But the US continued to seek extradition and accuses him of publishing some 700,000 confidential documents relating to US military and diplomatic activities, starting in 2010.

The United States is attempting to convict Assange under the 1917 Espionage Act, which his supporters warn mean he could be sentenced to 175 years in prison.

The UK courts approved the extradition request after the United States vowed to not imprison him in its most extreme prison, 'ADX Florence', nor to subject him to the harsh regime known as 'Special Administrative Measures'.

Assange's supporters say his health is fragile and the Council of Europe this week voiced concern about his treatment.

The United States indicted Assange multiple times between 2018 and 2020 but President Joe Biden has faced persistent domestic and international pressure to drop the case filed under his predecessor Donald Trump.

Biden indicated recently that the United States was considering a request from Australia to drop the charges.

'President Biden has the chance still to be the president who put an end to this, who acted in the interest of press freedom in journalism,' said Rebecca Vincent, of Reporters Without Borders (RSF).
Timeline of Julian Assange's lengthy fight against US extradition:
  • August 2010: An arrest warrant is issued for Assange over two separate allegations - one of rape and one of molestation - after he visits Sweden for a speaking trip. He is questioned by police in Stockholm and denies the allegations.
  • November 2010: Stockholm District Court approves a request to detain the WikiLeaks founder for questioning on suspicion of rape, sexual molestation and unlawful coercion. An international arrest warrant is issued by Swedish police through Interpol.
  • December 2010: Assange presents himself to London police and appears at an extradition hearing where he is remanded in custody. He is later granted conditional bail at the High Court in London after his supporters offer ยฃ240,000 in cash and sureties. US President Donald Trump calls for the death penalty for Assange.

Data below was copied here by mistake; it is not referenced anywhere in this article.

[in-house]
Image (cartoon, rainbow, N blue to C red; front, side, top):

• February 2011: District Judge Howard Riddle rules that Assange should be extradited to Sweden.
  • November 2011: Assange loses a High Court appeal against the decision.
  • May 2012: The UK Supreme Court upholds the High Court decision.
  • June 19, 2012: Assange enters the Ecuadorian embassy in London, requesting political asylum. A day later, Scotland Yard confirms he will be subject to arrest for breaching his bail conditions.
  • June 2013: Assange says he will not leave the embassy even if sex allegations against him are dropped, because he fears moves are under way to extradite him to the US.
  • July 2014: Assange loses a legal bid to have an arrest warrant issued in Sweden cancelled.
  • August 13, 2015: Swedish prosecutors drop investigations into some of the sex allegations against Assange due to time restrictions. The investigation into suspected rape remains active.
  • October 12, 2015: The Metropolitan Police end their 24-hour guard outside the Ecuadorian embassy. It concludes a three-year police operation that is estimated to have cost more than ยฃ12 million.
  • September 16, 2016: Sweden's Court of Appeal rejects a bid by Assange to have his sex assault warrant dropped.
  • October 2016: WikiLeaks publishes Democratic National Committee emails to the political benefit of Mr Trump, who remarks during his campaign: 'I love WikiLeaks'.
  • November 14, 2016: Assange is questioned for two days at the Ecuadorian embassy in the presence of Sweden's assistant prosecutor, Ingrid Isgren, and police inspector Cecilia Redell.
  • May 19, 2017: An investigation into a sex allegation against Assange is dropped by Sweden's director of public prosecutions.
  • August 15, 2017: Assange is allegedly offered a deal to avoid extradition in exchange for revealing the source of hacked Democratic Party emails to end speculation over Russian involvement.